1. Spotlight (U.S.) — It’s nice to see American films can still tackle important subjects with intelligence and sensitivity. Here, we see the Boston Globe’s investigative “Spotlight” reporting team, and their 2002 Pulitzer Prize-winning coverage of the sexual abuse of children by priests. No film since “All the President’s Men” has so accurately portrayed this kind of newspapering. Mark Ruffalo, Michael Keaton and Rachel McAdams lead a first-rate cast. (Full disclosure: I was an investigative newspaper reporter in my early, post-college career.)
  1. The Big Short (U.S.) — In the same league with “Spotlight,” this unexpectedly entertaining comedy-drama takes a fast-paced peek under the abominable rock of the U.S. banking and real estate industries in the early 2000’s. Surely you remember how a bunch of greedy (well) bastards nearly sank the global economy, if you were paying any attention (or owned a home, or stock, or had a pension fund). (Would pair well in a double feature with the earlier, excellent Margin Call.) Forbes magazine didn’t think much of it. But then, they wouldn’t. Would they?


  1. Sicario (U.S.) — We’ve been subjected so many worthless action pictures surrounding U.S. black ops in the past 25 years that a knee-jerk aversion to another is inevitable. However, “Sicario” breathes new life into the genre via Emily Blunt’s outstanding work as the tough-soft center of a sad tale about Mexican drug running and calculated Yankee brute force. Here is fine, economical writing and filmmaking. Blunt beautifully suggests a moral compass, rocked between duty and disgusting reality.
  1. Ex Machina (U.S.) — Futurism is most often overblown on screen: all vomitus computer-graphic action and cookie-cutter story arcs. So, it’s nice to see yet another artificial intelligence film favor intelligence over artificiality. “Ex Machina” is only what it needs to be to do its job. A lonely techie visits twisted-genius boss in a remote lab where lives a beautiful female A.I. (Shades of “Metropolis,” stripped to the circuit boards.) The outcome, while not unpredictable, deftly unfolds and gets under the skin.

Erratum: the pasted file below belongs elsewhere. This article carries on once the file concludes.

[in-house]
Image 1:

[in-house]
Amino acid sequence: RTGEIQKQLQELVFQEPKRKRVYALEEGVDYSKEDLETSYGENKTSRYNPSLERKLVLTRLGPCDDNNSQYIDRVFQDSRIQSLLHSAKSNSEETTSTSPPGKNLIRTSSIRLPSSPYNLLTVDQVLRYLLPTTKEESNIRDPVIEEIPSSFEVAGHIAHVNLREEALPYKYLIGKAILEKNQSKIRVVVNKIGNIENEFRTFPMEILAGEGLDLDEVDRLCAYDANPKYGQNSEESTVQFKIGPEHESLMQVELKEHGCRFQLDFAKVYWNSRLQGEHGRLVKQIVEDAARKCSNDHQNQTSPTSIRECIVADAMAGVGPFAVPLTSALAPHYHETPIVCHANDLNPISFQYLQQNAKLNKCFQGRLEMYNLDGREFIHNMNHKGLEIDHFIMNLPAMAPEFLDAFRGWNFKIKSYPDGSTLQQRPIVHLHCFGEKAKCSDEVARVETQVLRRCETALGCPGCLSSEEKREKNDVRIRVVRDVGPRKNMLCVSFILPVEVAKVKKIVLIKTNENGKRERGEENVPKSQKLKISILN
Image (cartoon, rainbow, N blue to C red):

1. The Wrecking Crew (U.S., documentary) — The same group of talented studio musicians portrayed as artistic atmosphere in “Love and Mercy” are shown here in reality. It’s well documented that much mid-20th Century pop was actually played by a group of genius, L.A. studio axmen (and token axwoman): aka “The Wrecking Crew,” not by the heart-throb celebrity bands. This is the Crew’s fascinating, feel-good story, with archival footage and some memorable interviews.

Sicario movie review best of movies of 2015

  1. The Salt of the Earth (France-Brazil, documentary) — Technically, this film on Brazilian photographer Sebastião Salgado was finished in 2014, but it didn’t play Portland (where I live) until ‘15. It examines Salgado’s miraculous 40 years spent photographing the travails of some of the world’s saddest victims of oppression, diaspora and ecological abuse. We also get to see what Salgado’s producer wife and he do to bring new life to the land where they began. Memorable.
  1. The Wolfpack (U.S., documentary) — Director Crystal Moselle became a fly on the wall among an odd Lower East Side family. Six boys and a sister forced into seclusion by bent parents. The homeschooled kids developed their own, whacked lifestyle in the confines of a cramped apartment. Showing indomitable spirit, the youngsters spent years creating their own costumes, props, personas and videos, emulating favorite movies (such as “Reservoir Dogs.”). Strange, but undeniably interesting.